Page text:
Immunology is defined as the study of the immune system and its physiological functioning. In other words, it works to figure out the reason for a particular illness, what it is doing to the body, and what can be done to fix it. Immunology services provide care to both adults and children that are suffering from allergy or immune disorders. In many cases, Medicare benefits will provide coverage for most immunology services, but it is important to make sure your specific needs qualify.
What are Immunology Services?
Immunologists work to diagnose and treat a wide variety of immune disorders and allergic reactions using various technologies and medical techniques. In the case of allergic reactions, your body can react to many different items and substances, and the severity of the reaction can vary significantly.
Some of the most common allergic reactions include allergies to food, latex, environmental toxins, insect bites, drugs or medications, and anesthetics. Testing can be done for each of these reactions to determine the presence of an allergy. Skin testing is the most common procedure and often involves penetrating, scratching, or pricking the skin and applying an allergen to a specific spot. Then, this spot can be monitored to determine if an allergic reaction occurs.
In the case of food, different testing methods may be used. One of these methods involves starting with a bland, basic diet and introducing various foods in small amounts to the diet. By slowly adding different foods, physicians can recognize an allergy and the symptoms that occur.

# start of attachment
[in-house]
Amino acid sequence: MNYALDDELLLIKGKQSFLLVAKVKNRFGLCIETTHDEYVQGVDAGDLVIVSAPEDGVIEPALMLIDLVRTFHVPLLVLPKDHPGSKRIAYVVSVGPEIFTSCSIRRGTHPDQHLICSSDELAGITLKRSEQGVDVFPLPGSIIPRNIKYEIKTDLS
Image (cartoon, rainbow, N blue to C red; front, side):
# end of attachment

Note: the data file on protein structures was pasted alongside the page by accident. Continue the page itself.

Immunology can also help diagnose various medical conditions, including asthma, sinusitis, autoimmune diseases, immune deficiencies, and immunosuppression. Each of these conditions requires special care, and recognizing a condition early helps to limit the negative effects and prevent it from worsening.
These diseases and deficiencies can be recognized by using genetic testing, evaluating laboratory blood samples, examining metabolic panels, and more. Imaging techniques, biopsies, and other testing measures may also be needed to make or confirm a diagnosis, rule out a possible health condition, or further evaluate a specific part of the body to gain a better understanding of a disease or issue.
Medicare Coverage for Immunology Services
Medicare benefits will cover the majority of costs associated with immunology services as long as they are deemed to be medically necessary. Allergy testing is most often covered, especially when a patient has a history of allergies or if they have severe reactions that are difficult to manage with their current medications and treatments.
Because of this, it is necessary for those suffering from allergies to try various over-the-counter and prescription treatments prior to undergoing allergy testing. The physician must also indicate that the testing is necessary for coverage to be provided by Medicare.
Medicare often covers food testing as well. Testing that involves slowly reintroducing foods to a patient’s diet is most often conducted in a hospital setting so that diet and reactions can be monitored closely. Once again, a doctor must deem this testing to be medically necessary.
As far as the other immune conditions are concerned, Medicare Part B generally provides coverage for the required outpatient diagnostic and laboratory testing as long as these tests are ordered by a physician who accepts assignment.
If you are receiving treatment or testing in an inpatient hospital setting or skilled nursing facility, your immunology care will be covered by Medicare Part A. Part A helps cover all inpatient care, testing and procedures. You will likely have to pay your deductible, and any co-insurance/copayments.
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